Alternative sentencing guidelines should be offered for young adults as old as 21The way in which Genele Laird, the 18-year old African-American teen whose arrest video went viral last week, was treated during her ordeal will likely remain controversial for quite some time.
how to respond to Laird’s actions deserves to be commended. Laird will be entered into a restorative justice program, where she’ll have engage in a process dedicated toward demonstrating her social behavior is adequately adjusted through communications with her victims and law enforcement officials.
Laird’s actions that day warranted her arrest. She allegedly threatened the lives of other individuals, presented a knife to those she threatened, spit on officers and refused to comply with their orders.
That doesn’t necessarily justify the way in which she was treated during her arrest. An ongoing investigation into the actions of the officers needs to be completed by an independent authority.
But the best solution for Laird herself, with regards to her own actions, has likely been found. The restorative justice program that she is now a part of will provide her with an alternative to being tried as an adult in court.
For young people especially, restorative justice can do a lot of good. Restorative justice “emphasizes repairing the harm caused by criminal behavior...through cooperative processes that include all stakeholders,” including victims. Repairing harm done to victims is just one of the benefits -- restorative justice programs have also been found to produce outcomes that reduce recidivism.
One study in Barron County, Wisconsin, found that young people entered into these types of programs had a much lower recidivism rate. Juvenile crime in the county was reduced almost in half just five years after the restorative justice program began there.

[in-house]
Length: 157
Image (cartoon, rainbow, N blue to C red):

At a time when Wisconsin’s juvenile justice program is being questioned on how it treats youth in corrections facilities, restorative justice programs can offer an alternative that puts focus on correcting bad social habits that an individual may engage in, rather than doling out punishment through imprisonment and strict procedures.
Indeed, Wisconsin’s youth are facing some difficult situations in the troubled Lincoln Hills and Copper Lake facilities, including some recent accounts allegedly witnessing...
...staff's use of racial slurs to youth; lack of therapy provided to at least one youth who has repeatedly requested it; overuse of solitary confinement, particularly for youths with mental health issues; lack of timely medical attention; and inappropriate use of restraints.In Genele Laird’s case, a youth sentencing option wouldn’t have ordinarily been offered to her -- 17-year olds and older are automatically charged in adult courts unless all parties involved can agree to a different set of guidelines. Fortunately, that opportunity presented itself to her, and the restorative justice program she now enters gives her another shot to correct her behavior and personally repair the damage done to her victims.
That sort of option ought to become the norm in these situations rather than the exception. Too often we’re quick to punish rather than seek options that will correct behavior of youth in the long-run.
One option could be arranging for older individuals, like Laird, to be considered for youth sentencing programs more regularly. In some countries, juvenile justice extends to age 21 with successful outcomes for those who enter into them. Wisconsin could set an example for the rest of the nation and adopt such standards in the Badger State.
Whatever approach Wisconsin does take, it needs to center around providing more options for youth offenders. Our youth should not be forgotten after they commit a crime, and emphasis should be on correcting their behavior rather than punishment whenever possible.